What is one habit of yours that makes you more productive as an entrepreneur?Working out and meditating have enabled me to be much more efficient with my time and have made my work more fulfilling. I have great energy throughout the day and my meditation gives me a positive mindset that allows me to handle and put into perspective the daily stresses that can consume an entrepreneur.
What was the worst job you ever had and what did you learn from it?I had a job in real estate finance after my job as an editor at a local public television channel. I learned a lot about financial modelling which was very helpful in my own business but it was a lot of deck preparation and number crunching in a cubicle as an entry level analyst. Made me come to the realization that finance wasn’t for me and ultimately led me to start Waiakea.
If you were to start again, what would you do differently?I wish, like any entrepreneur, that I would have done a lot of things differently but there is a certain level of acceptance of your journey that comes with running a business for more than 3 years. At the end of the day these mistakes and the decisions we made in the past got us here. Wouldn’t trade that for anything.
As an entrepreneur, what is the one thing you do over and over and recommend everyone else do?Have great data. Report that data. Act on that data. That and show your appreciation to your team- they got you here.
What is one strategy that has helped you grow your business? Please explain how.When Waiakea launched in 2012, we only had $12,000 for marketing and branding. This forced us to look at marketing in a different way, and focus on ROI driven marketing opportunities. This means a shift away from traditional media like traditional print advertising and tv, which are insanely costly. In addition to standard pricing promotions that you simply can’t avoid, 80% of our marketing is digital, with a special emphasis on developing content, social media advertising, and SEO. This has been extremely important in developing a loyal consumer base and increasing our in-store velocities, and surprisingly the rest of the industry is lagging behind substantially.
What is one failure you had as an entrepreneur, and how did you overcome it?One of my first failures as an entrepreneur was feeling as though I wasn’t up to snuff. I found myself always comparing my own path, my own struggles, to that of other entrepreneurs. I would read about all these bad-ass entrepreneurs that were working crazy hours, had the most incredible minds, and were achieving incredible results and growth. You rarely hear about the struggles of entrepeneurs and startups. It took me 2-3 years to realize what type of entrepreneur I was, and to be ok with who I was and then find the right people who could fill the void of the things I wasn’t the best at. This acknowledgement of one’s self is extremely important, and if entrepreneurs are lucky enough to experience it early they will avoid countless pitfalls.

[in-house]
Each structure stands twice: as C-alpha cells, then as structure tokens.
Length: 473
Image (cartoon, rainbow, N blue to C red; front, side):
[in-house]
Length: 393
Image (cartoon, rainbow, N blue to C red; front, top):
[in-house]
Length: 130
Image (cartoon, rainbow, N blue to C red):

What is one business idea that you’re willing to give away to our readers?Tunnel Air Turbines 🙂 The wind generate in car tunnels is significant and can be utilized!
What is the best $100 you recently spent? What and why?Just bought a Hepa Filter which has improved my sleep quality and allergies substantially. Definitely a must!
What software and web services do you use? What do you love about them?Hubspot is the most amazing digital marketing tool available. It enables me to coordinate and plan the entirety of our digital marketing campaigns in one central location, with great and easy-to-use custom landing pages as well.
What is the one book that you recommend our community should read and why?“Tools of Titans“ by Tim Ferris. So many gold nuggets for entrepreneurs.
What people have influenced your thinking and might be of interest to others?Haha like I just mentioned Tim Ferris has been a big influence, same with Dan Maccombie who is an advisor and founder of Runa Tea, Seth Goldman who is the founder of Honest Tea and wrote an incredible book everyone should read, my cousin Alex Preston (Heart Machine and Hyper Light Drifter creator), Robert Reich who is an incredible economist and activist, and of course my Mom and Dad 🙂
Ryan emmons on LinkedIn: https://www.linkedin.com/in/ryan-emmons-8709871b
Waiakea on Facebook: https://www.facebook.com/Waiakea/
Waiakea on Instagram: https://www.instagram.com/waiakea/